The confidence vote and Labour’s unusual path to power

Sienna Rodgers

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To table a motion of no confidence or not to table one, that is the question for Labour right now. This dominated chat in the lobby yesterday, as the answer changed from moment to moment. I wrote up a more detailed account of what happened in the afternoon, which you can read here, but I’ll try to summarise. First, Labour briefed that Jeremy Corbyn would announce in his response to Theresa May’s Brexit statement that unless she confirmed the date of the delayed meaningful vote, he would table a motion of no confidence in her as Prime Minister. This is simply a censure motion, which aims to embarrass.

Then May delivered her statement and revealed that the vote will take place on the week commencing 14th January. This is basically the same as saying before the 21st, which she had already promised, but Corbyn took this as a date confirmation and withdrew his threat. Confusion arose. Didn’t the Labour leader receive an advanced copy of her statement, with a date included? He did, though apparently the leader’s office had already briefed the decision to the press by that point. Anyway, Labour claimed victory in forcing the date reveal. Later, when most of us in the lobby had left the press gallery, Corbyn changed his mind and told the Speaker he’d be tabling a confidence motion. May immediately walked out the chamber – not a good look.

However, there are no ‘opposition days’ (when Labour sets the agenda) in the Commons this week. The PM would therefore have to allow parliamentary time for the motion. A Labour spokesperson said last night: “If she refuses, it is clear that she does not believe she retains the confidence of this House.” Indeed, the government has rebuffed the request, but No10 instead challenged Labour to lay down a meaningful confidence vote – i.e. one in the government, which could lead to a general election under the Fixed Term Parliaments Act, rather than in the Prime Minister. It’s now a (small) battle of spin: Labour says May is running scared; the Tories say Corbyn knows he’d lose. Both are probably right (and Labour accepts the latter).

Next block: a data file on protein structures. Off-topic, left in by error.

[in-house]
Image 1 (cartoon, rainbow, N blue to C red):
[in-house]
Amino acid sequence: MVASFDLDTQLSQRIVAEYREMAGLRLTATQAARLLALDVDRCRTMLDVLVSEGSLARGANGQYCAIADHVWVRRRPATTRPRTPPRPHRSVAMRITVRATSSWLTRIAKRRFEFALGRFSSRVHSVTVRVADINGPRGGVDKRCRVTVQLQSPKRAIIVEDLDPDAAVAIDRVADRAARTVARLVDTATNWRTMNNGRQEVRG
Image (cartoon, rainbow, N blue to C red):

The DUP and the ERG confirmed they wouldn’t support Labour’s motion yesterday, and it looks like none of them would chance sparking an election by backing Labour in a VONC in the government. Ultimately, Labour’s problem is that the DUP MPs are furious about the backstop and eager to vote down May’s deal, but say they won’t pull support from the government unless the deal passes. The DUP plans to keep applying pressure while risking ‘no deal’. Plus, Downing Street thinks Tory Brexiteers are warming slightly to the deal (see Jacob Rees-Mogg’s bizzare U-turn) and will thaw over Christmas too. At cabinet this morning, the PM expects to get approval for ramping up ‘no deal’ preparations. Funnily enough, if May’s ‘no deal’ threats work and the deal passes, that could be Labour’s best chance of getting into power.

Sienna @siennamarla

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